06 January 2013
Are we making a new age of engineers?
I hate to say it but Americans have become a country of consumers. In ages past, our kids would try to make mechanical cars with tin cans and parts nicked from the junk yard. Now our kids are focused on earning money so they can go buy it from Toys R Us. In the past we might have sat around with our sibling and invented a new game with bottle caps and socks with holes in them, or perhaps we might have even programmed it on a Commodore 64 with a tape drive. Today they just spend a buck on iTunes to play Angry Birds. We have given up our computers with a built in programming language for a Kindle Fire so we can watch Netflix.
Obviously, there are exceptions. Just not enough of them. The end result is a class of America that wants to be bankers, business leaders or attorneys and not enough of them that want to build something new. But I think that will change. A new age of American engineers is just around the corner.
Our kids will soon be saving their allowance and working extra nanny nights so they can save up to buy a 3D printer. These little beauties will allow you to create .. Well. Just about anything, really. Need a new case for your smart phone? Print it. Want to replace a piece for your toy? Print it. Want to design your own board game with detailed war ships and alien flying saucers? You can design and print it.
These printers are still in their infancy, but the price is starting to reach the point where they are invading homes. My friends, Ryan and Colin, introduced me to a rental MakerBot joint on Capital Hill in Seattle where you can print nearly any object you want and avoid having to spend the hundreds for a printer. But make no mistake about it - in five years from now you will have friends who are sporting one of these devices in their home. Kids in elementary schools everywhere will be learning how to design objects to make their own creations.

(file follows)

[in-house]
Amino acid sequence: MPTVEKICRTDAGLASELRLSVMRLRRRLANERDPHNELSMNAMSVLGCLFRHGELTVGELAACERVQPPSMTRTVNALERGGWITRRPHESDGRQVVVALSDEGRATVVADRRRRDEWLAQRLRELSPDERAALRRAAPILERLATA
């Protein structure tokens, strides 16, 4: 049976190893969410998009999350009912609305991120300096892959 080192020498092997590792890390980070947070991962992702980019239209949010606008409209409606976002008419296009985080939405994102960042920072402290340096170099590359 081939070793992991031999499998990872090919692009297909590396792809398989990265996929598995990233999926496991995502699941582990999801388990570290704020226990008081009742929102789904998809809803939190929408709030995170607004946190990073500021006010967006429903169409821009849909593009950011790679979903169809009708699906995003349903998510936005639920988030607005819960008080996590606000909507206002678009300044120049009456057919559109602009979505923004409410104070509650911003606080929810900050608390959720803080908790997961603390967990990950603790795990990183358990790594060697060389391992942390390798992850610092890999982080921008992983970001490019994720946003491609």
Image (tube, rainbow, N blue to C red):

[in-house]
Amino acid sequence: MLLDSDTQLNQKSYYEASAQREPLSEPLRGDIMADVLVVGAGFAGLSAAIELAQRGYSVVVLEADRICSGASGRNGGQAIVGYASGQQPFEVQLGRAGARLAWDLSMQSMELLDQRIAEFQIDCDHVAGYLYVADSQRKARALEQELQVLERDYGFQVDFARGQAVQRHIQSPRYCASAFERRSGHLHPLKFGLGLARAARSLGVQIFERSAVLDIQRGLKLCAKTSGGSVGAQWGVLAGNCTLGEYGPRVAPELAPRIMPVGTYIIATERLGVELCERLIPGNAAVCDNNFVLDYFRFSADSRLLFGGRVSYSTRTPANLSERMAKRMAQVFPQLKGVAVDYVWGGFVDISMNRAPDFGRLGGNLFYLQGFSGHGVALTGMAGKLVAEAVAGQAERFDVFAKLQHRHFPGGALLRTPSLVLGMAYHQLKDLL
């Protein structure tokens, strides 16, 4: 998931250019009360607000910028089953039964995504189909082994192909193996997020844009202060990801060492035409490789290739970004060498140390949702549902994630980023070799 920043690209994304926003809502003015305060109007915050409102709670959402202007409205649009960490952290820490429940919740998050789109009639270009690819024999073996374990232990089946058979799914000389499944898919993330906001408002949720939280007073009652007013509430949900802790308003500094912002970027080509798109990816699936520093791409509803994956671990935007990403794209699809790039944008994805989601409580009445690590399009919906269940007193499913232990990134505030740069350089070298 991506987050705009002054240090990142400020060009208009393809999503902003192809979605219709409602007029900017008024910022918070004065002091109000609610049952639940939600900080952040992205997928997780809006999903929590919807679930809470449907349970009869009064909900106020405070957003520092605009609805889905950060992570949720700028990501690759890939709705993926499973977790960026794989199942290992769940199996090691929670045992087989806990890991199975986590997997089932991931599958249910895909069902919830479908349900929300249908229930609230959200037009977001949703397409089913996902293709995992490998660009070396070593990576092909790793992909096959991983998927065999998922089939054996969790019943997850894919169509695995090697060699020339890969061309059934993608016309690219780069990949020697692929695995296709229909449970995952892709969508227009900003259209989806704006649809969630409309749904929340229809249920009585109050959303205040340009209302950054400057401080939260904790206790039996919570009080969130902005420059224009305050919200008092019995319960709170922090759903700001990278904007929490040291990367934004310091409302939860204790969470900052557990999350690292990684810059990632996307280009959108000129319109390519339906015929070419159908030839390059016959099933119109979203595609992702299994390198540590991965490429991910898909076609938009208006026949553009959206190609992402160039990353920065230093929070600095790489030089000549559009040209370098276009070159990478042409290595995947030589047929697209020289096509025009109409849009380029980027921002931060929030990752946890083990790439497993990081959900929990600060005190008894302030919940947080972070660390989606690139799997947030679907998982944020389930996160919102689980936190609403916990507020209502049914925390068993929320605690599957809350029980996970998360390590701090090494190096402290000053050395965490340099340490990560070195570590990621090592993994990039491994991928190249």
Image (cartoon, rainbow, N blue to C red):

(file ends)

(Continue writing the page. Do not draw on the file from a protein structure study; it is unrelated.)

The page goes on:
The 3D printer is not merely a tool for making objects any more than a Commodore 64 is simply a computer to program your own Jumpman. These buggers may be the ultimate gateway drug to opening our minds to engineering possibilities. Once you start being able to quickly and easily design and create your own objects you start thinking of how to make all the pieces connect. Next you are creating more complicated pieces, more moving parts, more connections. Maybe they start designing a new type of communication tool, or perhaps they connect it to an Aruino, or perhaps they add a model rocket engine to it. Nearly whatever they think of they can print.
Some doubt this revolution is coming. They think this is just journalists stunned by the next cool piece of technology. They are probably right. For most of us. Still, I cannot help think that in the hands of the youngest members of our country that they will create a new world.
These creation boxes could give every kid in our country the opportunity to imagine something amazing. Once you make power like that available to the masses then it is tough for me to imagine having an engineering problem.
We might have a shortage of attorneys, though.